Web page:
"We really have to push the bounds of our capabilities to make rare isotopes in order even to be able to ask the questions that we need to ask."
Assistant professor of physics
The question seems straightforward enough: How is matter created? Within that one question are endless possibilities for study, making physics a discipline that Matthew Amthor calls "a team sport."
The game begins with a question. For example: What is happening inside a neutron star as it experiences an x-ray burst, the most common thermonuclear explosion in the galaxy? "X-ray bursts happen all the time because they are not quite as dramatic as supernovae," says Amthor. "Rather than being completely destructive, like a supernova, x-ray bursts just explode on the surface of a neutron star." Because of their repetitive nature, roughly every few hours lasting anywhere from 10 to 100 seconds (as opposed to supernovae, which are observed only about once per century per galaxy), x-ray bursts are accessible for closer, regular study.
"The neutron star itself is such a special beast," says Amthor. "It fits all the mass of a star in such a tiny volume, and basically has the density of an atomic nucleus. So it's like a gigantic nucleus the size of Manhattan, allowing you to see how things interact in ways you can't usually see in a macroscopic system." Amthor, often with the help of students, uses computer models to determine the specific nuclear fusion reactions taking place that drive the bursts. Reproducing the light curve from data collected from x-ray telescopes, he has matched the data so closely that the models agree fairly well. But it's the nuclear physics uncertainties that drive the game to overtime.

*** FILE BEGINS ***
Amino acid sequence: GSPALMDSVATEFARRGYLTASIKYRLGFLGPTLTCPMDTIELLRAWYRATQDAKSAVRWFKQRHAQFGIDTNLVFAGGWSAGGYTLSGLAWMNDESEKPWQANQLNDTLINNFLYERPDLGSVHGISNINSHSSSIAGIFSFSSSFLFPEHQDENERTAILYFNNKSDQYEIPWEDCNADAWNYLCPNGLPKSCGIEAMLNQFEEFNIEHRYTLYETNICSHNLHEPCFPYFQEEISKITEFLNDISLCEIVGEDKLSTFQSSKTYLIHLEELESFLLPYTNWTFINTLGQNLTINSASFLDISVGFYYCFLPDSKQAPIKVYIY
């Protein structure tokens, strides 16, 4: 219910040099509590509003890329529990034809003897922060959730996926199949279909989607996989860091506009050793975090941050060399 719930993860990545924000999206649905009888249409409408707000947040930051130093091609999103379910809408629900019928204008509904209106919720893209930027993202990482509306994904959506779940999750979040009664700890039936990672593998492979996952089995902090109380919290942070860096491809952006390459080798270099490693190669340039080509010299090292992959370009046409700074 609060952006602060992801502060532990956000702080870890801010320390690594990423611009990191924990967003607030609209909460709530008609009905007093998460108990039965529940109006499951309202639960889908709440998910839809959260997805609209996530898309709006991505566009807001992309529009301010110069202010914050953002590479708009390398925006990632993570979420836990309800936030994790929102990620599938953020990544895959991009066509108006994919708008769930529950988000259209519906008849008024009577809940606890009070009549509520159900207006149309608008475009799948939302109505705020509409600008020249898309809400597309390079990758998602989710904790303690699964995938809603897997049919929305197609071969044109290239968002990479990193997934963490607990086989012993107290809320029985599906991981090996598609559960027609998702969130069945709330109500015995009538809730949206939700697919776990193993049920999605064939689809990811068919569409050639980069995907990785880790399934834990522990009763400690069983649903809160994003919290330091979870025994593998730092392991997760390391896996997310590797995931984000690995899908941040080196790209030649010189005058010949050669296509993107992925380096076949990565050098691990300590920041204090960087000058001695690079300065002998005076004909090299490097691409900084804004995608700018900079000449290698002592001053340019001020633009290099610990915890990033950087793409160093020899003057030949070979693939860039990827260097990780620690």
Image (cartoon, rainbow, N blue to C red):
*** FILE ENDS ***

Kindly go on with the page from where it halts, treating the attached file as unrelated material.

Once Amthor has identified an important uncertainty, for example, what particular nuclear reaction rate (many of which are just theoretical educated guesses) can significantly change the x-ray burst, he has to design an experiment and write a proposal to better nail down the reaction rate by producing and studying the rare isotopes involved in the laboratory, such as the National Superconducting Cyclotron Laboratory at Michigan State University — a world leading lab where scientists study rare isotopes.
"A committee of physicists decides among the many proposed experiments what's interesting and may tell us we get one week to study our isotope," he says. "So we make the nucleus of interest and figure out how to make some reaction take place using that nucleus in order to learn the reaction rate that takes place under the conditions in our exploding star."
There's always another question looming on the horizon, which is what drives and excites Amthor, who dreamed from a young age of studying nuclear astrophysics. "We really have to push the bounds of our capabilities to make rare isotopes in order even to be able to ask the questions that we need to ask," he says. "For example, most of the nuclei involved in the r-process — in which most of the elements beyond iron were formed — are still beyond our experimental reach. So when you look at all the isotopes that are imagined to be possible and compare that to everything we can actually make and study in the lab, it shows that we have a limit. We're not able to study all the types of matter that matter in the universe." Not yet, anyhow.
Amthor is pushing on this frontier as well, working with a team of physicists to develop the next generation laboratory for the study of rare isotopes. It's called FRIB, the Facility for Rare Isotope Beams, and preparation for construction is already well under way. "FRIB will be a giant leap forward for the world in nuclear structure and nuclear astrophysics. It will open a whole new landscape for study and shine light on many previously hidden nuclear processes," he says. "I can't wait to see where the results will lead us next."
Posted October 2012